Agroecology: agriculture as a force for good

Pieter writes*

What if we could simultaneously (i) lower our environmental impact while cooling the planet; (ii) improve social equity in the food industry; and (iii) still feed the estimated 10 billion people living on planet Earth in 2050? I argue that addressing each of these challenges requires a transformation of the agricultural sector from using the green revolution approach to methods based on the principles of agroecology. Below, I will briefly compare ways that green revolution agriculture and agroecology impact the environment, social equity, and food production. I realise that in doing this in such a short piece I will inevitably make a caricature of both approaches, and I apologise for this.

In short, green revolution agriculture prioritises yield maximisation of a single monoculture through intensive land and chemical use; while agroecology [pdf] prioritises the ability of farmers to feed themselves and their community by producing a wide variety of crops making use of natural cycles rather than chemical inputs. While there are many ways in which agroecological systems contribute to the environment (e.g. creating habitats for biodiversity, carbon sequestration, and preventing soil erosion), as well as ways in which monoculture farms harm the environment (e.g. destroying natural habitats, relying on fossil fuels, and putting unsustainable pressures on land), I will focus on table 1 taken from Altieri (1999):

Table 1: Performance of traditional, modern, and agroecological potato-based production systems in Bolivia.

The table compares a sample of traditional low-input (in this context referring to old peasant agriculture), modern high-input (referring to green revolution agriculture), and agroecological systems in Bolivia for a single crop: potatoes. It shows that yield ha-1 is highest in the high-input farms, though it should be noted that the agroecological system produced multiple crops, and therefore might have a higher total yield. More importantly, table 1 expresses that agroecological systems used no fertiliser and produced substantially more (30.5 potatoes) output per unit of energy, compared to green revolution agriculture. The latter used 200 kg ha-1 of fertiliser, and produced only 4.8 potatoes per unit of energy. Thus, while green revolution farming actively contributes to harming the planet through the consequences of fertilisers and energy consumption, agroecology rejects these practices while actively contributing to the planet by, among other things, restoring habitats for biodiversity and sequestering carbon.

Besides creating a production process that has a positive impact on the environment, agroecology also tackles inequalities that are persistent in the current food system. The food industry is shaped as an hourglass: there are many peasants and farmers at one end; with monopolies in each of the three sectors – input supply (seeds, machinery, chemicals), processing and retail, in the middle; and many consumers at the other end. In consequence, power is concentrated at the food corporations, which results in situations where, for example, grain seeds for are only sold to farmers if they also purchase the associated pesticides and fertilisers (input); or, prices are set and farmers either accept or lose any chance at making a revenue (processing); or, Tesco and Walmart setting private standards that need to be complied with by suppliers shifting the cost of government regulations on these suppliers (retail). Agroecology, by promoting the production of food for local consumption, tries to bypass the food corporations in the middle of the hourglass and directly delivers food to consumers. This allows peasants to earn higher income. In addition, by replacing chemical and technical inputs with natural processes, farmers reduce their dependency on the inputs provided by corporations. Agroecology is therefore a more socially equitable form of agriculture.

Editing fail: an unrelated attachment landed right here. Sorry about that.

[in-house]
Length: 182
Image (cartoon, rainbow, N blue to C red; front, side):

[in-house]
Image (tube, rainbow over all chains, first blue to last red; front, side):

Recently, scientists, politicians and industry representatives are sounding the alarm bells, warning that global food production needs to double by 2050 [pdf] to feed everyone on the planet. So, given the rejection of the green revolution technology and intensification, will agroecology be able to provide the necessary amount of food? First, Altieri & Nicholls (2012) [pdf] argue that the world today already produces the amount of food necessary to feed 10 billion people, but that currently the majority of industrially produced crops feed biofuels and animals. Second, Altieri & Nicholls note that small scale peasant agriculture already accounts for at least 50% of agricultural output for domestic human consumption. This, despite the fact that the majority of peasant production suffers from productivity declines associated with degraded land due to pesticide use, failed harvests due to high vulnerability to shocks, and more, all associated with the consequences of green revolution agriculture. In addition, their data suggest that agroecological interventions in conventional agriculture in 57 different countries in the Global South resulted in an average crop yield increase of 79%. Third, agroecological farming is less vulnerable and more resilient to shocks. Machin Sosa et al. (2010) [pdf] studied crop loss and crop recovery in Cuba following hurricane Ike in 2008 and found that agroecological farms had 50% crop loss, compared to 90-100% in monoculture farms. They also concluded that the recovery rate of vegetation in the former was substantially higher than in the latter. In a world that will increasingly experience variable and extreme weather events, agroecological farms will be better prepared and produce more food.